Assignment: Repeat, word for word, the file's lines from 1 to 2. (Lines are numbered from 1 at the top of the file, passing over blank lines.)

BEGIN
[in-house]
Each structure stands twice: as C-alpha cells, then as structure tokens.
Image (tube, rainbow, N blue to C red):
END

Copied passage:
[in-house]
Each structure stands twice: as C-alpha cells, then as structure tokens.